- Largest losses of ammonia occur when urea is surface applied to wet or damp soil surface
followed by a period of drying. Up to 22% of applied urea-N can be lost in 1 week.
Even if the soil temperatures are cold (e.g. 26-35 °F) growers should avoid applying
urea under these conditions! These conditions occurred in 4 trials which had ammonia-N
losses >30% of the application rate.
- The 2 applications onto snow had 20-25% cumulative loss.
- Applying urea to a dry soil surface is best, but the size of the first precipitation
event is critical to defining whether ammonia losses will be small or moderate. At
least 0.5” rainfall in a single event is needed to move urea into the soil deep enough
to prevent volatilization. Light scattered rain is often not sufficient moisture;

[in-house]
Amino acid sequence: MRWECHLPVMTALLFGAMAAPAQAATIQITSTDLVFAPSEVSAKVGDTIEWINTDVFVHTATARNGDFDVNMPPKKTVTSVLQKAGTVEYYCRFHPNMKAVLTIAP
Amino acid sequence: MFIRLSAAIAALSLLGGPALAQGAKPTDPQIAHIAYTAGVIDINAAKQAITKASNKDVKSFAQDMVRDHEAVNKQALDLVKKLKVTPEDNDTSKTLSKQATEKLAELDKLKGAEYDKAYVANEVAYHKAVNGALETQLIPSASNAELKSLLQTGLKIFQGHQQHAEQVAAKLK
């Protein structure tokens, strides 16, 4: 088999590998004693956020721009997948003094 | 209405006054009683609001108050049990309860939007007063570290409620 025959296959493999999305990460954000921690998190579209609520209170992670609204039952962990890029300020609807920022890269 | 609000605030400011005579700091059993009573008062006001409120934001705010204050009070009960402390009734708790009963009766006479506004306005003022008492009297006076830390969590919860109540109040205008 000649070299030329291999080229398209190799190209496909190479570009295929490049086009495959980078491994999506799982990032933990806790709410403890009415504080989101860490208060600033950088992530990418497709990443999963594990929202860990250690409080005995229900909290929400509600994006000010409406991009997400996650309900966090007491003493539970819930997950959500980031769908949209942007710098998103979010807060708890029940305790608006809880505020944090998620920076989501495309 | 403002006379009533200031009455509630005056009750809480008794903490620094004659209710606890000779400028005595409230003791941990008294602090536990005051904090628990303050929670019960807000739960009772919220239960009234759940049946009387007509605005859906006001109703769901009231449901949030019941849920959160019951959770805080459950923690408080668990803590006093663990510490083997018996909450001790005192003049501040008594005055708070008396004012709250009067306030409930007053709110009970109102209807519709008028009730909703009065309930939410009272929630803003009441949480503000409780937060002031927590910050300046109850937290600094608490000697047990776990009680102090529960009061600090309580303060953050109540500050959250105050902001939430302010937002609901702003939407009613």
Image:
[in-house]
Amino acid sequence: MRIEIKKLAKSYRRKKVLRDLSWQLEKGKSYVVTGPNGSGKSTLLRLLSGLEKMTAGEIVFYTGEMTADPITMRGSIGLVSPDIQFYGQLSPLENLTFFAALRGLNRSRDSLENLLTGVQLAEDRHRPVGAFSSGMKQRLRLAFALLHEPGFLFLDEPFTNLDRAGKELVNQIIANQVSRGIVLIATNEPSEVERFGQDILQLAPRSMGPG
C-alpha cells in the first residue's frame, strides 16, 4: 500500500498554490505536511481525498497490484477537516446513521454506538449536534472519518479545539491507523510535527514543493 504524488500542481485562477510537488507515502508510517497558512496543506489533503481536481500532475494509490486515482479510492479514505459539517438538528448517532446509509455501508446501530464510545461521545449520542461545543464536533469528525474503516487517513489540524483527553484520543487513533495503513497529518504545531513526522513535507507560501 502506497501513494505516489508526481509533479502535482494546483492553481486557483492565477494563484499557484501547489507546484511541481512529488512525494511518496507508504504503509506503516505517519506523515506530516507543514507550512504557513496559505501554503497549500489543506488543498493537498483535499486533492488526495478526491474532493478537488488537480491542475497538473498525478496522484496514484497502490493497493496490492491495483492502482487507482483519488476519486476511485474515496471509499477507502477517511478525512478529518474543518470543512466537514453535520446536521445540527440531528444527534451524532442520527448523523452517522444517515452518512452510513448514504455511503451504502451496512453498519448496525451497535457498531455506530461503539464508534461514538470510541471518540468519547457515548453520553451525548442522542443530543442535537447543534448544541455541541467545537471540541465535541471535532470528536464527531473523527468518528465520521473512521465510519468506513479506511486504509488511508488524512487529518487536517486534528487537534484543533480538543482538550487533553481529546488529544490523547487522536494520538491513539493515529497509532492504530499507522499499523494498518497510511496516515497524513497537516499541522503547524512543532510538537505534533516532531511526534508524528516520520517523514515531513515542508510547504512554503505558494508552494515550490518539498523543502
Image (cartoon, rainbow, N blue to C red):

it may increase rather than prevent volatilization losses.
- Large loss of fertilizer N (e.g. > 30% of applied N rate) can probably be avoided,
but losses of 8-15% appear to be quite common in northern Montana. Mid-row or subsurface
banding (at least 2" deep) are the best placement methods to minimize losses.
- Agrotain® added to urea always reduced losses. It provided two weeks of volatilization
protection in acidic soils, but its longevity was considerably greater in calcareous
soils (up to eight weeks total).
- Seeding after broadcasting urea did not provide sufficient incorporation to mitigate